On Friday, the Supreme Court, led by Justice Ayesha A. Malik, emphasized Pakistan’s commitment to United Nations conventions safeguarding refugee rights. The proceedings revolved around a petition challenging the caretaker government’s decision to deport illegal Afghan nationals, marking a crucial legal battle with far-reaching implications.
The three-member bench, also comprising Justice Sardar Tariq Masood and Justice Yahya Afridi, delved into the complex terrain of constitutional interpretation. Justice Malik, acknowledging the intricacy of the deportation issue, suggested the formation of a larger bench for a more thorough examination.
The petition, jointly moved by various entities including former PPP senator Farhatullah Babar, Senator Mushtaq Ahmed, and rights activists, sought to restrain the federal government from detaining, deporting, or harassing individuals with valid residence proofs or asylum applications.
Human Rights Concerns
Representing the petitioners, Umar Gillani contested the caretaker government’s authority to evict illegal refugees, asserting a lack of constitutional mandate for such actions. Gillani further raised grave concerns over reported human rights violations and inhumane treatment of Afghan citizens during the eviction process.
The counsel argued that the caretaker government lacked the constitutional authority for conclusive decisions on policy matters, adding another layer of complexity to the legal debate. Justice Yahya Afridi probed the fundamental human rights violations alleged by the petitioners, with Gillani pointing to violations of Articles 4, 9, 10A, and 25 of the Constitution of Pakistan.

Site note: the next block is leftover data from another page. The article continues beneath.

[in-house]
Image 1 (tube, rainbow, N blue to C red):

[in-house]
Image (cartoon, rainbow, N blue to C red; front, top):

The court, responding to these concerns, issued notices to key entities, including the federal government, the foreign ministry, the Attorney General for Pakistan, and the apex committee responsible for the controversial decision. As the legal battle unfolds, the fate of Afghan refugees hangs in the balance, and the court adjourned the hearing until the next week.
During an earlier hearing, the petitioners’ counsel highlighted the significant shift in the caretaker cabinet’s policy, challenging a longstanding tradition of hospitality and leniency towards refugees. The “impugned directive” by the “apex committee” effectively reversed a 45-year-old Pakistani state policy, setting the stage for a legal clash between constitutional principles, humanitarian concerns, and the government’s authority.